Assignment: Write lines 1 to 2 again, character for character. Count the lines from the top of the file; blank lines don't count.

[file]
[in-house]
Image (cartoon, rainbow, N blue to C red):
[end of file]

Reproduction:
[in-house]
Image (cartoon, rainbow, N blue to C red):